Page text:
“BYO Ingredients, We Cook For You”: One Way Restaurant Helps Diners Fight Rising Food Prices

Chef Tak Yiu Sun offers a food preparation service with ingredients provided by customers to save costs. Photo / Sylvie Whinray

As food prices hit record highs, an East Auckland restaurant is asking customers to bring their own meat and seafood if they want to continue having high-end dishes like crayfish, crabs and paua at an affordable price.

Crayfish, which cost as little as $99 per kilogram in Chinese restaurants before the pandemic, now cost between $260 and $320 per kg. Mud crabs have also doubled in price at most Asian restaurants, but you can still get them for less than $20 per kg at Pak’nSave.

Lucky Grill Seafood restaurant owner Tak Yiu Sun says many are now ‘overpriced’ as seafood dishes featuring crayfish, crab and paua now cost a few hundred dollars each at Chinese restaurants here. .

Crab over sticky rice prepared by the chefs at Lucky Grill Seafood Restaurant using ingredients brought in by a customer.  Photo / Sylvie Whinray
Crab over sticky rice prepared by the chefs at Lucky Grill Seafood Restaurant using ingredients brought in by a customer. Photo / Sylvie Whinray

So Sun, 46, came up with a savings hack – which he says is a “win-win” for his customers and restaurant operations, while keeping his menu offerings affordable.

“I ask my customers to bring their own meat and ingredients, and we’ll cook them for them in our restaurant for a fee,” says Sun.

“It’s a win because their meal will end up costing a fraction of the price if they had the same in other restaurants.

“For me, it saves me the hassle and cost of keeping a stock of these expensive supplies and also means I don’t have to have a menu where I have to keep raising prices.”

Janet Chan hands a mud crab she bought at the market to chef Tak Yiu Sun.  Photo / Sylvie Whinray
Janet Chan hands a mud crab she bought at the market to chef Tak Yiu Sun. Photo / Sylvie Whinray

Food prices saw their biggest annual jump in 13 years in August, according to the latest data from Stats NZ.

Food prices rose 8.3% in August from the same period a year earlier, the largest year-on-year increase since July 2009, when prices rose 8.4 %.

However, says Sun, when browsing weekend markets and Asian supermarkets, it’s still possible for shoppers to find premium meat and ingredients at affordable prices.

“People can also opt for frozen ingredients instead of fresh to get them cheaper – it’s still possible to get a bag of paua for around $50-$60 instead of a few hundred dollars if they’re fresh” , Sun said.

Chef Tak Yiu Sun prepares a meal with seafood provided.  Photo / Sylvie Whinray
Chef Tak Yiu Sun prepares a meal with seafood provided. Photo / Sylvie Whinray

“Whatever they bring to us, we discuss with them how they want it done, and we cook it with the highest restaurant quality for a price between $10 and $40, depending on the complexity.”

Lucky Grill, located on Aviemore Drive in Highland Park, typically serves simple Cantonese-style rice dishes with roasted meats such as Chinese barbecued pork and roast duck, but also offers an a la carte menu.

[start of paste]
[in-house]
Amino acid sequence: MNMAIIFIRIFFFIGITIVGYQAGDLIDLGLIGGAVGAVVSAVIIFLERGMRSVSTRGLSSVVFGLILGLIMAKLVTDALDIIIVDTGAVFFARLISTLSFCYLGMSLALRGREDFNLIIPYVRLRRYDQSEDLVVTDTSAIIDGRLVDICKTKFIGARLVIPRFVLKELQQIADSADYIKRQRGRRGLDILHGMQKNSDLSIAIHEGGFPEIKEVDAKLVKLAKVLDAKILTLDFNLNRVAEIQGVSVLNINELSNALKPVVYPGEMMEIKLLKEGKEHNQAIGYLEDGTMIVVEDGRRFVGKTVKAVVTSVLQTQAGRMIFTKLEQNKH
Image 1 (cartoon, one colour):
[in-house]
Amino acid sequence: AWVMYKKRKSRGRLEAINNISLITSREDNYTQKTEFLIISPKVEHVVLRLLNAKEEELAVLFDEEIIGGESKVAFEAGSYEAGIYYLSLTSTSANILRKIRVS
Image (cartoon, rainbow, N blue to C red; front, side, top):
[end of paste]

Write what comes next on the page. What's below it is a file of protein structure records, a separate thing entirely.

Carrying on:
Sun, who is affectionately known as Ah Yiu to his customers, said offering the cooking service with ingredients brought by customers has also given his restaurant a point of difference.

“If people have gone fishing and caught a fish and don’t know what to do with it, they can just bring it and I can steam it or bake it however they want,” he said.

Chef Tak Yiu Sun with the abalone dish he made from ingredients brought in by a customer.  Photo / Sylvie Whinray
Chef Tak Yiu Sun with the abalone dish he made from ingredients brought in by a customer. Photo / Sylvie Whinray

“Each dish is cooked to the customer’s personal taste after we have discussed it [the dish] with them, and [with] some of the ingredients like the paua, we’ll ask them to bring it a day or two earlier if they want the best results because we can slow cook it until tender.”

Restaurant regular Janet Chan last week picked up mud crabs, paua and sea cucumber, which she bought for a total cost of around $180 before paying $130 to cook them.

The crab was cooked two ways – one over sticky rice and the other coated in salted egg yolk. The paua was braised and served with noodles, and the sea cucumber fried with seasonal vegetables.

Chan, who hosted eight friends at the Lucky Grill with her ingredients she bought herself, said she would have “easily paid more than double the amount” if it had been ordered at a Chinese restaurant.

“I don’t see going to the market to buy the ingredients as a problem, I think it adds to the enjoyment of the whole dining experience,” she said.

“What I like is also that I can describe how I like the dish to be cooked, and Ah Yiu will do it close to what I want. I really feel like I have a personal chef .”

Charles Chan, Janet’s husband, described the whole dining experience as “the dining experience of a lifetime”.

Sun launched his company six years ago, said he began offering this new service during the pandemic.

“Food prices were skyrocketing, but I think after Covid-19, even more people need to go out and meet in person with friends, and affordability shouldn’t be a barrier. “, did he declare.

“People can bring whatever they want – for simple dishes, I only charge $10 to cook, so it’s possible for them to get a really inexpensive restaurant-quality meal.”

Lucky Grill seafood restaurant is located at 3 Aviemore Drive, Highland Park.

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